Send Another Mail: If the Simple Mail Transfer Protoco (SMTP) client (sender) has another message to send, it can issue a new MAIL command.
  • What is RAID? What is RAID0, RAID1, RAID5, RAID10?
    RAID (redundant array of independent disks; originally redundant array of inexpensive disks) provides a way of storing the same data in different places on multiple hard disks.
    RAID 0: This configuration has striping across multiple disks but no redundancy of data. It offers the best performance but no fault-tolerance.
    RAID 1: Also known as disk mirroring, this configuration consists of at least two drives that duplicate the storage of data. There is no striping. Read performance is improved since either disk can be read at the same time. Write performance is the same as for single disk storage.
    RAID 5: This level is based on block-level striping with parity. The parity information is striped across each drive, allowing the array to function even if one drive were to fail. The array’s architecture allows read and write operations to span multiple drives. This results in performance that is usually better than that of a single drive, but not as high as that of a RAID 0 array. RAID 5 requires at least three disks, but it is often recommended to use at least five disks for performance reasons.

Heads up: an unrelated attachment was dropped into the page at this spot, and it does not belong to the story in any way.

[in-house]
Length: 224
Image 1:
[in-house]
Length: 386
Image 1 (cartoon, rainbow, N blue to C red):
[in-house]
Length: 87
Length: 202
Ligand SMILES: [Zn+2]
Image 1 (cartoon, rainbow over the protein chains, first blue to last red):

RAID 5 arrays are generally considered to be a poor choice for use on write-intensive systems because of the performance impact associated with writing parity information. When a disk does fail, it can take a long time to rebuild a RAID 5 array. Performance is usually degraded during the rebuild time and the array is vulnerable to an additional disk failure until the rebuild is complete.
    RAID 10 (RAID 1+0): Combining RAID 1 and RAID 0, this level is often referred to as RAID 10, which offers higher performance than RAID 1 but at a much higher cost. In RAID 1+0, the data is mirrored and the mirrors are striped.
  • What is a level 0 backup? What is an incremental backup?
    A full backup would be level 0, and the different levels of incremental backups levels 1, 2, 3, etc. At each incremental backup level you back up everything that has changed since the previous backup at the same or a previous level.
  • Describe the general file system hierarchy of a Linux system.
    In the FHS, all files and directories appear under the root directory /, even if they are stored on different physical or virtual devices.